Category

WELLBEING

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Please read this poem:

Our first Christmas together

I had been so excited to have

him

around

I started tiptoeing

down the stairs

And he had a surprise waiting… he threw me

a party

He knows how to spoil

A simple girl!

He called me

in front of everyone

Then he cut me off

a sprig of mistletoe

We shared a kiss underneath

Our friends cheered as

outside, the snow silently settled

Now read the poem again, but read the last line, then the second to last line and so on.

So you’re reading from bottom to top.

Refuge.

Domestic abuse charity Refuge has a history of using shock in campaigns.

This new Christmas campaign, created by McCann Bristol, continues this trend.

As a young boy I lived with a man cowardly enough and stupid enough to think that there are reasons for a stronger person to bully a weaker person. A woman or a child.

There are none.

Help.

If you sense domestic abuse is happening, take a closer look.

Help them.

If you see domestic abuse is happening, report it to the police.

www.refuge.org.uk

There’s a photograph with this story that you’ll need to see, at 50odd.co.uk, if this is going to make sense to you.

I have a question and it is:

Do you have a recent photograph of you that you like? That shows you how you really are at the moment, and how you are comfortable being seen?

I ask this because the image of me with this story, which was taken by my friend Pete Zulu, is the image I have that makes me feel like this.

It just took me by surprise that’s all.

It reminded me that I am quite a private person.

A furry-faced, hat wearing guy that can be quite awkward. That likes being at home and sitting in the same chair doing the same things with the same people. And it’s dark and safe and enclosed.

Yes, that’s me.

The Other Me. 

There is another me though.

The other me is Always Wear Red.

Because it has a purpose that I created.

It was born to ‘create confidence’.

Always Wear Red is making people feel like the bees knees because they know that what they’re wearing is fecking brilliant!

And I like the idea that these beautiful, likeable people are using their swagger and confidence to good effect.

I want to change people so that they can be – or remind them that they already are – amazing!

So I wonder why I am so drawn to this dark, quiet version of me in the picture? Perhaps its because I feel safe there.

And it will have something to do with the photographer of course. I think a lot of Peter.

You.

So what about you?

Do you have a photograph of you that captures you authentically at this exact point of your life?

And if you don’t, what would it look like I wonder?

I think I’ll be able to ride a bike until the day I die.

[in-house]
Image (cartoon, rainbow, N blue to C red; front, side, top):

Unless I get some awful debilitating somethingorther that means my limbs don’t work. Or my ability to balance just goes away.

But I am hopeful.

Hula.

That said, I tried to hula hoop recently, and I can’t do it.

If you are a 50(ish) year old chap like me, I challenge you to try this.

OK so I know that as I am getting older there is an increasingly long list of things that I can’t do. But I imagined this to be things like ‘turn heads’ or ‘have a chest that sticks out further than my tummy’ or ‘run very fast for a long time’.

All of these things reflect an increasing wrinklyness, baldness, fatness and unfitness.

But bloody hula hooping?!

I wonder what else I am losing the ability to do that I once could.

I dread to think.

Help.

Anyhow, help me out a bit.

If, like me you have used up about 600 of your 1000 months on earth, try hula hooping and let me know how you do.

Or is it just me?

And my definition of hula hooping is keeping the hoop going around your waist (if you still have one – a waist not a hula hoop) for 30 seconds.

Send a video.

Please.

Just a little something to think about…

I heard someone say that some sportsperson or other ‘made history’ this week.

I can’t remember who it was or what they did.

But they, apparently, ‘made history’.

Firsts.

As a general rule, people use the term ‘making history’ when people do something for the first time.

But now I have a 2 year old daughter, I think about this saying quite differently.

As I get older I think quite deeply about what I am doing each day, and how I can make Izobel proud. Even though all she wants from me at the moment is cereal (the dinosaur one, not the monkey one), milk and a cuddle.

I can see that every decision I make today and everything that I do, no matter how big, small, significant or insignificant is – quite literally – making history. Because it’s my history and Izobel’s history. She will know about it one day.

And that’s quite a responsibility.

Tomorrow.

So tomorrow, and today as it goes, if you’re feeling tired or overwhelmed or confused or bothered by things – that’s OK.

You’re meant to feel all of those things if you’re really trying.

After all – you’re making history.

When I was a child I once wandered into a police station, up to the counter, and peered over.